The cryptic notification masks a larger story. WZHF, a former Spanish-language station 11 miles east of the White House in Maryland’s Capitol Heights, is the flagship of Russian President Vladimir Putin’s effort to harness America’s radio airwaves to sell the Kremlin’s point of view. Despite periodic legal and political challenges, and the imposition of sanctions against Russia for its invasion of Ukraine, the station has stayed on the air, broadcasting its Kremlin-approved message....
Under a separate lease agreement, WZHF’s signal is carried on FM radio in the Washington area by a company called Reston Translator. “I’m a fervent believer in the First Amendment,” John Garziglia, the company’s principal owner, said in an interview. “Under the First Amendment, we should be seeking more information, not less.”
To be fair, as we noted back in more innocent times, literal Reston propaganda was used to demoralize and destabilize the Eastern Block, so we guess... we're even now?


Friday, March 4, 2022

'Advocacy' Group: We Have To Destroy the Golf Course In Order to Save It (From the Scourge of Invasive Plants)


This map of the hordes of invasive species overrunning the Reston National Golf Course that we saw on Facebook this week looks pretty scary. We're not horticulturists or cartographers, but even we know that red = bad. Thank you, Reston National Neighborhood Study Group for providing this helpful Sponsored Content! Wait, what?
A recent proposal to establish a pilot program to remove invasive plant species around Reston National Golf Course is seen by some as a first step to garner support for redeveloping the land.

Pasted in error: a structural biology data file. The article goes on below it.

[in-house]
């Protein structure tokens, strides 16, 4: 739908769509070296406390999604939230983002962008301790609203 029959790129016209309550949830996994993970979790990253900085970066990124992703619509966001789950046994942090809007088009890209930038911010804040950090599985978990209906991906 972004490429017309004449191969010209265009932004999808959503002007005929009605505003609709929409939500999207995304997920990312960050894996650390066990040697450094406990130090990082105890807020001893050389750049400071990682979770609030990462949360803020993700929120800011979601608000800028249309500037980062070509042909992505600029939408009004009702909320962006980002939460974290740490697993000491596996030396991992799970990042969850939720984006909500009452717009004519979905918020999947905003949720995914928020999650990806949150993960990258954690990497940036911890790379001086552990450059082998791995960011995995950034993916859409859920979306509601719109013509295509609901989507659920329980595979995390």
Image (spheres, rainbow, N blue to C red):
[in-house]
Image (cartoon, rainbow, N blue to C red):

Reston National Neighborhood Study Group, which is financed by golf course owners Weller Development Co. and War Horse Cities, began meeting last May with adjacent property owners and homeowner associations to discuss the invasive species problem. 
"This study group was formed and is paid for by the developer-owners of RNGC, whose ultimate goal is to develop all they can of the Reston National Golf Course," [Rescue Reston President Connie Hartke] said. "And the 'environmental experts' studying the tree canopy and invasive species issues also have been hired and are paid by the developers."
That can't be right, according to another piece of Nearly Sponsored Content provided to our BFFs at Reston Patch that says that these property developers just care about the health of Reston's tree canopy!
All of Reston, indeed most of Fairfax County, is facing some threat by non-native invasive plant species. The Reston National Neighborhood, however, has some uncommon characteristics that make it more vulnerable.